The word "no" is a powerful time-saver! Saying "yes" all the time doesn't guarantee career advancement or popularity. It may, in fact, get you labeled as a doormat. Practice saying "no" in a friendly but matter-of-fact fashion, without over-explaining. Remember, you can always say "no" to assuming total responsibility while still offering to help in a smaller, specific way.


2. Learn to delegate.
When you delegate, you instantly increase time you have available - and you help others learn new skills. First, determine who is most capable of the task. Then thoroughly explain the job, your expectations, deadlines and how you'll monitor progress. Put these points in writing for the person. Then ask him or her to summarize the assignment, so you'll know you've clearly communicated what's been delegated.


3. Schedule major projects.
If you have a number of major projects gathering dust because you're going to do them when you "find time," stop waiting and start scheduling. Most busy professionals never find spare time, so if you really want to get a project done, set a start date and a deadline. Then map out the steps you'll need to do to complete the project and stick to your timetable.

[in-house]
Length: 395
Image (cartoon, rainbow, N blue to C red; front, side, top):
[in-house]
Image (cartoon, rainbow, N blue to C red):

4. Do first the thing you like least.
This is an excellent timesaving habit to get into.  It's also one of the hardest to do, for obvious reasons. Most of us waste far too much time and energy thinking about dreaded tasks rather than actually doing them. Get the most disliked jobs out of the way first, and you'll get a great sense of accomplishment. Plus, you'll be able to enjoy the rest of the day, knowing your worst task is out of the way.


5. Avoid procrastination.
Procrastination is Enemy No. 1 if you're serious about getting things done. When you delay doing what needs to be done, you end up working "under the gun," which means the project won't get your best effort. Procrastination is a bad habit that can sabotage your career success and damage your personal relationships. If you frequently procrastinate, take a hard look at why you're choosing this negative behavior.    There was a lot more to this string of information, but I'll try to get to it later...